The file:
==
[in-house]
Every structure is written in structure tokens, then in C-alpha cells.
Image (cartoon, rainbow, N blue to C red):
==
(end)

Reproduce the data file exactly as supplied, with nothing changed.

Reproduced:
[in-house]
Every structure is written in structure tokens, then in C-alpha cells.
Image (cartoon, rainbow, N blue to C red):